Behaviour 2019
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Foraging preferences of two solitary, cavity-nesting bees managed as commercial pollinators.
Theresa Pitts-Singer1, Natalie Boyle2, Lindsie McCabe1. 1USDA ARS, Logan, Utah, United States; 2Pennsylvania State University, University Park, Pennsylvania, United States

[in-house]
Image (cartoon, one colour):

The blue orchard bee (BOB), Osmia lignaria, is managed for U.S. orchard pollination, as it prefers rosaceous flowers. The alfalfa leafcutting bee (ALCB), Megachile rotundata, has an affinity for alfalfa flowers that has rendered it the primary managed pollinator for seed production in North America. However, the use of non-crop forage by these bees can help to sustain populations when crop flowers are unavailable or may reveal other plants for which the managed pollinators can be employed. Two studies recently addressed bee use of non-crop flowers for amassing brood provisions. In two studies each for BOBs and ALCBs, we monitored nest production and examined pollen in provisions. Both species collected pollen from crop plants of their preferred families when it was available but also collected from non-crop flowers. Generally, we found that BOBs switch to non-rosaceous plants after orchard bloom ends but are constant foragers on the crop flowers while they are present. When foraging in heterogeneous landscapes, ALCBs have a strong preference for alfalfa when present, will collect pollen from other legumes in the vicinity of alfalfa, and rarely use non-legume flowers.